Tencer's Blog: The Captain Speaks
"The players are excited and I think for good reason," Moreau said. "It's gonna be a pretty cool new era for Edmontonians and the players."
Moreau, who has been a member of the Oilers since the 1998-99 season, says it feels like a new world for the Oilers. "It's comforting for a veteran player and somebody that's been in Edmonton for a long time knowing that the resources are there, as they have been with the Investors Group the last few years," Moreau explains. "We're going to be a cap team and we're not going to have any financial worries. Our team is strong, the dollar is strong and our owner is committed to having a winning team and he's obviously got the financial part taken care of."
"It's just more exciting knowing that if we do our part we're gonna get help and we're gonna be in a position where we'll be a contender every year."
Part of the help that Daryl Katz will try to provide in this new era will be, he hopes, the acquisition of high profile free agents. The Lowe/Katz duo made every effort possible to secure Marian Hossa and Jaromir Jagr, but both chose to sign elsewhere. "It's not a huge shock that we didn't get those guys," Moreau said. But, that doesn't mean he's upset or worried. "It's more important, for me at least, that our young developing players and the guys that we already have are gonna be able to stay."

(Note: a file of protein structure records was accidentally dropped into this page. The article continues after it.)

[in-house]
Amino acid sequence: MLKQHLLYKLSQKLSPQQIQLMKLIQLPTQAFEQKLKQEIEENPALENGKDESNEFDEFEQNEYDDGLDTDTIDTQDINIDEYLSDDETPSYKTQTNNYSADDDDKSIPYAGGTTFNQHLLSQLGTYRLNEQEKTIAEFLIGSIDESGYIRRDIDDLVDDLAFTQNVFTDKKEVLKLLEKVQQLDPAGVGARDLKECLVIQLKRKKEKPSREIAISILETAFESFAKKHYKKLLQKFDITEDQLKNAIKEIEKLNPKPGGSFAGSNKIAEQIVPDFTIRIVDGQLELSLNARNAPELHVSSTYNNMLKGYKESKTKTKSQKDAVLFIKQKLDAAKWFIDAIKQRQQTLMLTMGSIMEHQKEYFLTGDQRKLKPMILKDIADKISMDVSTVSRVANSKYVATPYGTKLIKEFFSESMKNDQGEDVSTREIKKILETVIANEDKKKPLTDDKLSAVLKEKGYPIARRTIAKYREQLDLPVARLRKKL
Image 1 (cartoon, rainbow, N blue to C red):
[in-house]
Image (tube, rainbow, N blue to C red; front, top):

"We have a lot of young players in Edmonton that have potential to be stars and we're gonna be able to keep all those players."
Without question, that's the most important part for Moreau. He lived through the Doug Weight trade, among others, and is now comforted by the knowledge that money won't ever be an issue in keeping youngsters like Sam Gagner, Andrew Cogliano and Tom Gilbert.
In 3 recent trades the Oilers moved Raffi Torres, Jarret Stoll, Matt Green and Joni Pitkanen. With the deletion of Torres & Greene particularly, the Oilers lose a significant physical element. Moreau admits that it could be an issue, but feels there's enough on the roster to compensate. "Yeah, we definitely lose some aggression," Moreau admits. "You also have to remember that myself and Sheldon (Souray) weren't in the lineup for the bulk of the season. He's gonna provide a real presence on the back end and some confidence and some toughness and I'll provide that, too. We're gonna make up for it."
And, Moreau knows that fans will be skeptical. With the injury trouble that he and Souray have experienced the last 2 years, it's human nature to wonder if they'll be available for 82 games next season. "I'll be more than 100% come training camp," Moreau says emphatically. "It's a pretty simple injury, unfortunately it happened twice. I just broke my leg; there's no ligament damage. As far as me playing my game and playing tough and physical, there won't be any ill effects."